Besides the cost and income factor, students are also less likely to return to school due to their inability to catch up to their studies. Remote learning is less effective at delivering structured syllabus as what schools are made to provide. Students can’t as easily approach their teachers for a hands-on guide and it’s similarly as difficult to discuss with their friends through chat or video. This contributes to them feeling left behind. Girls are more likely to suffer from the transition to a purely online learning experience due to their lower proficiency with electronic devices. For many families, the use of computers and the internet and thus mastery of ICT skills have been taken up by more girls than boys.

School closures of 2020 have led to losses in learning that would not be easily made up even if it were to be open in the blink of an eye. Online schooling might work for some, but for most students, a hands-on approach is a necessity in their learning experience. A salient example can be found with STEM students which require a greater degree of visualisation and practical work, curricular which can be most effectively provided with in-person schooling.

TVET programs which have a focus on practical skills find it particularly difficult to  migrate to distance learning. Practical skills are developed through hands-on experience in workshops or workplace. Remote learning can never substitute the guided use of equipment and materials not usually available at home. Prolonged gap between TVET students and instructors would cause loss of skills, knowledge and confidence.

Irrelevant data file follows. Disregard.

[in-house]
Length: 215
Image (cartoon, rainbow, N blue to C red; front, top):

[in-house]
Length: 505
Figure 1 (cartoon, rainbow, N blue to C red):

One might think that students with disabilities would benefit from online classes, but this view is severely misguided. Taking example from studies in the United Kingdom, disabled students were instead left without assistance of study support in the form of sign-language interpreters, note-takers, to name just a few. These students might be surrounded by well meaning families, however these families do not have the same abilities as professional educators nor do they have the infrastructure that facilitates specialized conducive learning.

A commonly talked about topic issue during COVID-19 is regarding mental health, but physical health of children would also stand to deteriorate as long as they are cooped up at home.

The sedentary lifestyle of stay-at-home students will worsen their health. Pennington Biomedical Research Centre released the result of their study that showed the lockdown was detrimental to everyone’s health. Whilst eating out was lessened significantly, instances of snacking increased, sedentary habits developed, physical activity was allotted less time.

The ill effects of school closures during the pandemic have and will most likely continue to rise. Looking only through the rise in the number of school drop-outs, one can already imagine the repercussions it would have on our youth. These children are victims of a dawdling education system as well as of systemic poverty in Malaysia.